Anonymous said...


Thanks for this posting! I am a recent graduate of a small "prestigious" liberal arts college (in the US) with a major in Biology and minor in economics (overall GPA 3.18). I took one philosophy course in my undergrad career and loved it but never thought of pursuing philosophy for a living until recently- getting some time to myself at home and the opportunity to write and pursue my interests has led me to consider doing philosophy at an academic level. Could you make any recommendations regarding my applying to a terminal MA program? Is a 3.2 GPA in Biology and Economics going to harm my chances, and if so, how can I strengthen my application in other areas (ie writing sample and a personal statement that puts my undergrad record into context)?

I'm also wondering if I should apply to MA programs (non-terminal) that are a part of larger PhD-granting philosophy programs, and if these would be harder or easier to get into?

Many thanks for your help!

Eric Schwitzgebel said...

Few PhD programs admit terminal master's students. With your record it will probably be difficult to get into a highly selective MA program, but it is possible to get into a PhD program from any decent MA program if you excel. More specific details about MA admissions I can't really address.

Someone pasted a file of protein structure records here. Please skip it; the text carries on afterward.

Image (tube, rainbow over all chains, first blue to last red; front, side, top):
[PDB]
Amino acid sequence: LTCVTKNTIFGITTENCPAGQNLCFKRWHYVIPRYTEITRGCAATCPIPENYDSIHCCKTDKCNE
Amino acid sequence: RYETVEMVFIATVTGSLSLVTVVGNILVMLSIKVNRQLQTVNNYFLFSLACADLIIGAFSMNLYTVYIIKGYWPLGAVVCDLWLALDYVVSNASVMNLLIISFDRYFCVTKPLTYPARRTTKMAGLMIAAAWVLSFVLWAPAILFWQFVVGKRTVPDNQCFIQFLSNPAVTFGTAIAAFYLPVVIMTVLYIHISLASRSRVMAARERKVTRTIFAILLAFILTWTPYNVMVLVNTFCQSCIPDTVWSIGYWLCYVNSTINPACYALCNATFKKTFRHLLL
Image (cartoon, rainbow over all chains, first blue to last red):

Anonymous said...

Like some others posting here I'm sure I won't have an easy time getting accepted to a graduate program. My situation is that I graduated from McGill (philosophy) with a 2.0 gpa. In short I had a really easy time getting good enough grades in high school to get into any Canadian arts program. I had high expectations but big classes etc. and no desire to go on to grad school at the time, and having everything paid for by my family (and so on) my grades were usually mediocre and often worse when I cared about classes in later years since I still didn't care about grades, would get caught up in papers and fail for not handing them in. In any case, things started to turn around toward the end and I got some good grades in high level philosophy classes. In the last couple of years, as a non-degree student, I've been taking my classes seriously and in each of my last four courses I have gotten an A+. I'm thinking of applying to a few masters programs like Concordia, Fordham, or Leuven. Would anyone even look at my application? I've made some good contacts with professors and written some pretty decent papers--so lets say, hypothetically at least, that I have excellent (but not superstar) letters and a writing sample on a similar level. My interests are in Ancient Greek and continental philosophy. Any thoughts would be appreciated.

Eric Schwitzgebel said...

Yes, you sound like a plausible applicant for a good MA program. You fit the profile of one type of student that MA programs target: "late bloomers" (as it were) who need to show to PhD programs that they can establish a longer track record of consistently excellent performance.

Unknown said...